How Phoenix Rising Yoga Therapy Transformed My Relationship With Anxiety

It starts with something small, insignificant even. A moment of embarrassment, a minor conflict, an unintended hurt. 

Suddenly: you’re choked up.

Your lungs can’t get enough air.

Your chest is too tight, your limbs feel heavy and a little numb, your face is flushed and sight and sound don’t seem to get through and the same words keep circling around in your head and they are hateful and mean and you are lost in dark heavy feelings that may never end. 

My most productive yoga therapy session hinged on this moment where I felt what I have learned is an anxiety attack. My instinct is to run away. This is physical, even: my feet can’t stop tensing and curling and moving. Unfortunately, it’s impossible to get away from your own body. That is the worst part of the attack for me: that spiraling feels like falling down a dark hole, grabbing for an escape rope you’re certain exists but is impossible to find. 

When I was younger, it was in these moments I would self-injure. I felt the need to get out of myself, to escape. Self-injury was one way to satisfy that feeling of wanting to rip myself open and disappear. Although I was luckily able to move away from this unhealthy coping mechanism, I never found a great replacement.

Instead of trying to tear myself open, I would curl up and ache and cry and hope to break through. 

I have been to therapy at several different points in my life, and although it has helped me understand myself with a little more depth, it has never helped me out of this space. I am an extrovert, so I am practiced in talking through what I am feeling. But when words fail me, when my body reacts in a way that makes it impossible for me to process out loud . . . that’s when I want to run.

It is easy for me to intellectualize my feelings, but not so easy to sit in them. 

My talk therapy sessions have always started with some version of the question, “What’s on your mind today?”, which gave me the opportunity to direct the conversation in whatever way I wanted it to go. Even just unconsciously, I could avoid those topics that were too hairy, too embarrassing, too surrounded by shame to bring up.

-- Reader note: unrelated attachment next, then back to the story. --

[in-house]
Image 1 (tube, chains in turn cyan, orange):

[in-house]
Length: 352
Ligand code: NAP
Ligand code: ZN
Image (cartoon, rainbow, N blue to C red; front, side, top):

In talk therapy, I could talk about the issues that were hard and made me tearful, but not the things that I couldn’t find words for in the first place. Not the things that got stuck in my throat, that made my face burn, that made me go cold.

It was easy to bring up what I wanted to work through. It felt impossible to bring up what I most needed to work through.

I knew someone who was training to be a Phoenix Rising Yoga Therapist and needed to fulfill some practice hours. I agreed to help them, not having a clue what to expect. Each session was entirely unique, but had this in common: the yoga therapist encouraged me to stay with whatever I was experiencing if I was able to. When I experienced that anxiety attack during a session, they gave me a safe space to be able to sit in that feeling, to be on that edge in security, to feel it and name it and find curiosity in it and play with it.

It was only through this process that I was able to start understanding these moments, to recognize why they occurred and communicate about them and most importantly to just be in them. 

It was like going down that hole with a flashlight. Rather than feeling so much self-loathing and anger when I came to this space of anxiety, wanting desperately to be out of it and scrambling around for that rope that would finally, finally take me out of that space, yoga therapy offered me the opportunity to find curiosity there. It allowed me to explore without judgement, without shame. 

I got more out of my few sessions of Phoenix Rising Yoga Therapy than my many sessions of talk therapy. That is not to say I didn’t feel talk therapy was beneficial; for me though, it simply sharpened many of the skills I already had. Yoga Therapy gave me an entirely new set of tools. It allowed me to reestablish a relationship with my body and learn how to feel okay sitting in moments of distress rather than attempting to escape.

I am good at talking about myself; yoga therapy taught me how to listen to myself. 

— Megan Patterson